Posts Tagged ‘ climate ’

Vechey’s Moral Foundational Theory of Climate Change Conversation

As I struggle with how to open up the climate change conversation to more people, I keep coming back to one of the most personally influential books I’ve read –  The Righteous Mind by Jonathan Haidt. It is a book elaborating on his Moral Foundations theory. Here’s a quick oversimplification if you’re too busy to read that link (but seriously, my paraphrasing isn’t as good as theirs, so go read it:

Moral Foundations Theory is that there are several key moral foundations of intuitive morality. Everyone has varying innate sensitivity to each of the moral foundations, with groups and cultures emphasizing different foundations as well as the realizing the same foundations in different ways. They foundations are:

1) Care/harm: An ability to feel (and dislike) the pain of others.
2) Fairness/cheating: Concern about proportionality of fairness, that is we all need to shoulder an equal burden in our society.
3) Liberty/oppression: Moral attraction to freedom, specifically against those who would dominate / restrict our liberty.
4) Loyalty/betrayal: Ability to feel and act loyaly to a person or group
5) Authority/subversion: A deference to legitimate authority and appreciation for tradition
6) Sanctity/degradation: The feeling that your body or institutions are sacred

The reason I go back to Haidt’s moral foundation thoery when thinking about climate change is that the results of exploring his theory is how different groups experience the moral foundations. He found that American liberals experience very strongly Care/Harm, and to a lesser extent Fairness/Cheating and Liberty/Oppression. American conservatives, generally, have more attuned “moral tastebuds” across the spectrum in a more balanced way.

How can this be useful for the climate change discussion?

For one, humans are emotional. Science, by definition, not so much. The science showing man-made climate change is here and has only gotten stronger since the first projects starting linking man’s actions to global climate change, but people are obviously not hearing it. Yes, the solution is complicated and yes it will require us to change, but I think the problem is that the scientists and climate hawks aren’t speaking the right moral language.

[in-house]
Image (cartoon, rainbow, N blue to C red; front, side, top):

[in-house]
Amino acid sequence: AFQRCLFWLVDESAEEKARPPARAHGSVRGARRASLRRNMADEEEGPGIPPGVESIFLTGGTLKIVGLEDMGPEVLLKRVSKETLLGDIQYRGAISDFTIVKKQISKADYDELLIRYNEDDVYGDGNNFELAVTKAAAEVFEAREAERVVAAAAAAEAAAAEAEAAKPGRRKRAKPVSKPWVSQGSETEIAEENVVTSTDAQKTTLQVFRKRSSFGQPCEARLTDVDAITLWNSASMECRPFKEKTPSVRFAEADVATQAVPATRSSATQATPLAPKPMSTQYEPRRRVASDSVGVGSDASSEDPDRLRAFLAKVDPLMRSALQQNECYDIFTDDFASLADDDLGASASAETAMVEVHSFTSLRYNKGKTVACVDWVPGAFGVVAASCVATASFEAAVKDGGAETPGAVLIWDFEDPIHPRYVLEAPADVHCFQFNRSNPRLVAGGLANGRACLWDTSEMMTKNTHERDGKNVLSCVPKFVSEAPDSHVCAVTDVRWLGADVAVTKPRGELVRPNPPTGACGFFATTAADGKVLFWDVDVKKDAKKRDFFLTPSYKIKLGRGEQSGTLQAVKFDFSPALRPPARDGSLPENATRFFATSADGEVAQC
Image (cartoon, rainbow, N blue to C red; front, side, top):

My theory is that if we start speaking a language that more people respond to, then more people will be able to hear the message, understand the message, and then share the message. I’m still unsure how to test this theory out, but that’s my theory I’ll be working on for awhile. Comment if you have any thoughts on how to approach proving this theory one way or another.

Problem with Climate Hawks

Climate change has a PR problem. It’s true. The spokespeople for climate change often feel like they’re preaching to the choir, or in a language few understand. While Bill McKibben’s writing is great, he’s still writing for a pretty intelectual audience about some pretty heavy science. Al Gore has been most successful at opening up the discussion from the movie An Inconvenient Truth, which was a call to action in lecture format. While it did well for a documentary, calling an issue as complex as climate change a moral imperative isn’t exactly actionable mass-market material (especially from a left wing politician).

This is where I come in. I’ve spent my whole career trying to make something for a niche audience and take it mass market. When we started PopCap, video games pretty much fell into the 15-24 year old male demographic. Sure, Nintendo skewed a bit younger, but for the most part, gaming was for 15% of the population. Thanks to innovations on the Internet and the advent of new platforms, we helped lead the wave of gaming for the masses. Twelve years later, most everyone plays games whether on Facebook, the web, or on your phone.

We didn’t succeed by making pandering games. We took game concepts that we loved and spent a whole lot of effort, energy and craft to make that fun accessible for everyone, even if the player had never played any games before. That’s what climate hawks need to figure out. Their message is good. The content is there. It’s just completely inaccessible, and as I’ve learned in games, something inaccessible is pretty much by definition unappealing.

 

 

%d bloggers like this: